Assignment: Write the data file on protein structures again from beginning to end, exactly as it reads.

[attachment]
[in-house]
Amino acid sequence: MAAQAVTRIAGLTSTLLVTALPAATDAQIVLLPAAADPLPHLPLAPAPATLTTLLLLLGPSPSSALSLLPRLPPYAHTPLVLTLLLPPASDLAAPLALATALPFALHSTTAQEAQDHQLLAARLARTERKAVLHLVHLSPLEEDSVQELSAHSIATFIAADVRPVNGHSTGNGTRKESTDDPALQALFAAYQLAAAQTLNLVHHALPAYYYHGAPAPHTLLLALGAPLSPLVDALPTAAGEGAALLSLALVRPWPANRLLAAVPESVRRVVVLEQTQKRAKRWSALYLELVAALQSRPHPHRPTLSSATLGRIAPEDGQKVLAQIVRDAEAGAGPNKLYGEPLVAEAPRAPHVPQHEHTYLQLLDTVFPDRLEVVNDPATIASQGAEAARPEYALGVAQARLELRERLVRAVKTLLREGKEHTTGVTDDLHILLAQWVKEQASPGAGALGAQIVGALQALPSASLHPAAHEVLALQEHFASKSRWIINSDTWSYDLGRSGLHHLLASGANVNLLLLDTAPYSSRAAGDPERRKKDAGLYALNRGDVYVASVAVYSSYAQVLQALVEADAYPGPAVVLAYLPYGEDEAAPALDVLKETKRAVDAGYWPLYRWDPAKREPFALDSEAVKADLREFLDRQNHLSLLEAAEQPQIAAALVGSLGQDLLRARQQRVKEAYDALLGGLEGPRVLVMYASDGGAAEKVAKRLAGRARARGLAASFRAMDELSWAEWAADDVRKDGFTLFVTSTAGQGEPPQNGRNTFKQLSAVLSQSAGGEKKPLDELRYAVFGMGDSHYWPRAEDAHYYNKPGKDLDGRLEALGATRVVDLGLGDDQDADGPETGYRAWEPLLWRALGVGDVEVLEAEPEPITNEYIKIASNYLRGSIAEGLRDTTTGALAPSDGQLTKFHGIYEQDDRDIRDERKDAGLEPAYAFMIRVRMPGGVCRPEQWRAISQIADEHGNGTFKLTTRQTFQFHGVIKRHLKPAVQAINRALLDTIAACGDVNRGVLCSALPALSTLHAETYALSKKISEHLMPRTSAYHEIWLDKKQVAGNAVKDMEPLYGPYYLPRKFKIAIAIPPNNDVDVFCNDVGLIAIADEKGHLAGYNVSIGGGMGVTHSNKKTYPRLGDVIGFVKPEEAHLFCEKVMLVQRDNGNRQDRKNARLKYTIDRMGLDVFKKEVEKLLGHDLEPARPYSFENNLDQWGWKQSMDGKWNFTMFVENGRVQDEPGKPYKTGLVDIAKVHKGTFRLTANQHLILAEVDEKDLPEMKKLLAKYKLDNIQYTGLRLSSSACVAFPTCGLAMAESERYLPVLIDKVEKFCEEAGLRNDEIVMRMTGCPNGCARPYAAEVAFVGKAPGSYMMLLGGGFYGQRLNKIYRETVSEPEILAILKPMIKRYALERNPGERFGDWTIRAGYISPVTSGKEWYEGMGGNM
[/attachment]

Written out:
[in-house]
Amino acid sequence: MAAQAVTRIAGLTSTLLVTALPAATDAQIVLLPAAADPLPHLPLAPAPATLTTLLLLLGPSPSSALSLLPRLPPYAHTPLVLTLLLPPASDLAAPLALATALPFALHSTTAQEAQDHQLLAARLARTERKAVLHLVHLSPLEEDSVQELSAHSIATFIAADVRPVNGHSTGNGTRKESTDDPALQALFAAYQLAAAQTLNLVHHALPAYYYHGAPAPHTLLLALGAPLSPLVDALPTAAGEGAALLSLALVRPWPANRLLAAVPESVRRVVVLEQTQKRAKRWSALYLELVAALQSRPHPHRPTLSSATLGRIAPEDGQKVLAQIVRDAEAGAGPNKLYGEPLVAEAPRAPHVPQHEHTYLQLLDTVFPDRLEVVNDPATIASQGAEAARPEYALGVAQARLELRERLVRAVKTLLREGKEHTTGVTDDLHILLAQWVKEQASPGAGALGAQIVGALQALPSASLHPAAHEVLALQEHFASKSRWIINSDTWSYDLGRSGLHHLLASGANVNLLLLDTAPYSSRAAGDPERRKKDAGLYALNRGDVYVASVAVYSSYAQVLQALVEADAYPGPAVVLAYLPYGEDEAAPALDVLKETKRAVDAGYWPLYRWDPAKREPFALDSEAVKADLREFLDRQNHLSLLEAAEQPQIAAALVGSLGQDLLRARQQRVKEAYDALLGGLEGPRVLVMYASDGGAAEKVAKRLAGRARARGLAASFRAMDELSWAEWAADDVRKDGFTLFVTSTAGQGEPPQNGRNTFKQLSAVLSQSAGGEKKPLDELRYAVFGMGDSHYWPRAEDAHYYNKPGKDLDGRLEALGATRVVDLGLGDDQDADGPETGYRAWEPLLWRALGVGDVEVLEAEPEPITNEYIKIASNYLRGSIAEGLRDTTTGALAPSDGQLTKFHGIYEQDDRDIRDERKDAGLEPAYAFMIRVRMPGGVCRPEQWRAISQIADEHGNGTFKLTTRQTFQFHGVIKRHLKPAVQAINRALLDTIAACGDVNRGVLCSALPALSTLHAETYALSKKISEHLMPRTSAYHEIWLDKKQVAGNAVKDMEPLYGPYYLPRKFKIAIAIPPNNDVDVFCNDVGLIAIADEKGHLAGYNVSIGGGMGVTHSNKKTYPRLGDVIGFVKPEEAHLFCEKVMLVQRDNGNRQDRKNARLKYTIDRMGLDVFKKEVEKLLGHDLEPARPYSFENNLDQWGWKQSMDGKWNFTMFVENGRVQDEPGKPYKTGLVDIAKVHKGTFRLTANQHLILAEVDEKDLPEMKKLLAKYKLDNIQYTGLRLSSSACVAFPTCGLAMAESERYLPVLIDKVEKFCEEAGLRNDEIVMRMTGCPNGCARPYAAEVAFVGKAPGSYMMLLGGGFYGQRLNKIYRETVSEPEILAILKPMIKRYALERNPGERFGDWTIRAGYISPVTSGKEWYEGMGGNM